Saturday, June 18, 2011

One Voice

“One voice can change a room. If it can change a room, then it can change a city…can change a state…can change a nation…can change the world.” Call me an idealist, but I believe it.

True, humanity may be doomed, but since you can’t sleep 24 hours a day, you might as well do something useful with your time. And trying to change the world is far more challenging than, say, real-estate development.

I’ve always wanted to be a speechwriter, and so I’ve drafted this one for President Toomas Hendrik Ilves. I invite other writers to do the same and publish the results in newspapers and websites around the country. Because once voice…

Commencement address of Toomas Hendrik Ilves to the graduating class of Tartu University, June 2011.

As I look out at your young, somewhat bored faces, I see you are expecting the usual pablum from a commencement speaker. It would be tempting to trot out the platitudes about how you are different than those who have gone before you and the great successes you will enjoy. But since that would no doubt bore us both, probably me more than you, and since your rector and I just shared a case of beer in the shade of a large oak, I have decided to spell out for you exactly how things are. [Note to self: Loosen bowtie; gaze thoughtfully over crowd.]

The usual commencement speech would entail me telling you that you are the future of Estonia, and that I am comfortable handing over the country to you. You would recognize the former to be a fact, and you would suspect the latter to be idle flattery. You would be right.

Quite frankly, some of you, despite your very good educations, scare me. If we cannot stop people of your age from driving cars into trees, if we cannot stop the spread of AIDS in our country, if we cannot find a solution for people of different ethnicities to live in productive harmony on this one small patch of earth, then there is not much hope for our future. I wonder whether you are up to this task.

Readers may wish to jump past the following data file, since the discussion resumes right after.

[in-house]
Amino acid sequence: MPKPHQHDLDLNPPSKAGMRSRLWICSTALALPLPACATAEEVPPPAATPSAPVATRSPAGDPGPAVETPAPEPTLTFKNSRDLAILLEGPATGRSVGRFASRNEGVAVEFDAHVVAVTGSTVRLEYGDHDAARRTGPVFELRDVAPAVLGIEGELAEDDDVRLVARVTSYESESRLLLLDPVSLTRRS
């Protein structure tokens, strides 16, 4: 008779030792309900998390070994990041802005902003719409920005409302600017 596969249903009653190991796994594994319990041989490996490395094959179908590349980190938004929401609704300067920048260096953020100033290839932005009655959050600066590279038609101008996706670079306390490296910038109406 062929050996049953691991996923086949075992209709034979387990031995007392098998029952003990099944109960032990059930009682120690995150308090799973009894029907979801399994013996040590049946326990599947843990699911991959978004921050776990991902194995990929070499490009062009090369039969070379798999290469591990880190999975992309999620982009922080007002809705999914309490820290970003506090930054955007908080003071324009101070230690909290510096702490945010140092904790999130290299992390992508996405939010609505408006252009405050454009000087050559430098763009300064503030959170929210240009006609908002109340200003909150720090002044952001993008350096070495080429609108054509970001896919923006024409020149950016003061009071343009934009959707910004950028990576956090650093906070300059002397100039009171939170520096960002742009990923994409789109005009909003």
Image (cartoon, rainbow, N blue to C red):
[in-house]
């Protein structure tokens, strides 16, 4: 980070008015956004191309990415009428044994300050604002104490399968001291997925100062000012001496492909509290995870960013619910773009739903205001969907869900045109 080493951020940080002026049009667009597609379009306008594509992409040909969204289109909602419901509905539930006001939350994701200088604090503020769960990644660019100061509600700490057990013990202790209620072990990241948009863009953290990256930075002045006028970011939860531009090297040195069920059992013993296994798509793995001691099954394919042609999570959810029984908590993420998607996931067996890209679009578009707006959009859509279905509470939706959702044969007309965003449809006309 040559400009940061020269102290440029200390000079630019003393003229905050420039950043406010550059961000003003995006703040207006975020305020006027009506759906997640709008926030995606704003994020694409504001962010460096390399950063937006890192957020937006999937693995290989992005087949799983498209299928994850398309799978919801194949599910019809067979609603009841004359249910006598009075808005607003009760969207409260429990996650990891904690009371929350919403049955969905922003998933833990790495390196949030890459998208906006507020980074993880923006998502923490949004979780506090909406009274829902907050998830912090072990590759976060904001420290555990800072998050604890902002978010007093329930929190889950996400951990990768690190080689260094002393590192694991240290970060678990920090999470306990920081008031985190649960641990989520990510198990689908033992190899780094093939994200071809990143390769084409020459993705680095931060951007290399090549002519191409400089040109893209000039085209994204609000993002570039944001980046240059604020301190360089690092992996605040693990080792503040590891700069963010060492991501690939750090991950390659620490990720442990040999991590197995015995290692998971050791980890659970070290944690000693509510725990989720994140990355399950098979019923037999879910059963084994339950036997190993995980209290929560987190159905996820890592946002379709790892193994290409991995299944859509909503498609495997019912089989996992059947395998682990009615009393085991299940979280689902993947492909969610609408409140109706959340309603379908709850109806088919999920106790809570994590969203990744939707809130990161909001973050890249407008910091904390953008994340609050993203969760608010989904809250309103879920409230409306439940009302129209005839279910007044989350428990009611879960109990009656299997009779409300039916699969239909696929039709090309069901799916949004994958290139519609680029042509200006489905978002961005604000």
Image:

Without boasting I will tell you my generation has accomplished a great deal. In a few short years, the names of my peers will be given to streets and public buildings. In this way, history will celebrate the problems we have solved more than the ones we will leave to you.

But since you are, like it or not, our future, I would like to remark briefly about the past and then offer a few words about your future, which is indeed the future of Estonia.

Most of you are around 20 years old. You have only heard stories of the period of history which ended with Estonia’s re-independence in 1991. And you may not be intimately familiar with the history of the last 20 years, as you have been busy — and rightly so — being young. But you have now reached the age where it is time I spoil your fun.

This first period I speak of, 20 years prior to your birth, was spent by many working for an independent state. The second 20 years after your birth were spent, so to speak, arranging a seat for you at the Big Table.

Since the year of your birth, Estonia has made the necessary sacrifices and changes to ensure our security through memberships in elite western clubs.

The list is long and impressive: The UN, the World Bank, the IMF, NATO, the EU, the Schengen zone, the OECD, and the Euro.

Estonia has been admired by and praised by the west for our significant achievements. We have been, in a way, the absolute best Boy Scout, earning every merit badge there is to have.

But I would remind you that many of these achievements were within an externally-prescribed context. We were given no guidebook, but the goals were clear.

The meaning of this is that Estonia is now an equal: no more and no less than our western allies. We worked 20 years, one might frame it, to arrive at the starting line. We “got to Denmark,” to tamper slightly with Fukuyama.

Some may hint that my generation of leaders, having achieved all there is to achieve under this merit-badge like structure, is now confused and adrift. Joakim Helenius has pointed out that to be among Europe’s five richest is not a vision. The Economist has noted our Prime Minister is "a manager, not a visionary." I would argue, however, that what Estonia has most needed was a highly disciplined manager. And that is what we got.

My generation’s work has laid the groundwork for you. We have brought you a stable, independent state, a state with a seat at the world’s table. But what will you do with it? Have you any idea?